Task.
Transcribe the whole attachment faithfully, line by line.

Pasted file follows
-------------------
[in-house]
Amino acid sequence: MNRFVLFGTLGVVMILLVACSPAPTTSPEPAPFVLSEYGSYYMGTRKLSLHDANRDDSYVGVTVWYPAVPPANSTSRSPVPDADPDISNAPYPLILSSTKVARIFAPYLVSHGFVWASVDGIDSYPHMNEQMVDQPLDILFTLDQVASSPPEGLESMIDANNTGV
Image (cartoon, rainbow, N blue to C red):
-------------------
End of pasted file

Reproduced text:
[in-house]
Amino acid sequence: MNRFVLFGTLGVVMILLVACSPAPTTSPEPAPFVLSEYGSYYMGTRKLSLHDANRDDSYVGVTVWYPAVPPANSTSRSPVPDADPDISNAPYPLILSSTKVARIFAPYLVSHGFVWASVDGIDSYPHMNEQMVDQPLDILFTLDQVASSPPEGLESMIDANNTGV
Image (cartoon, rainbow, N blue to C red):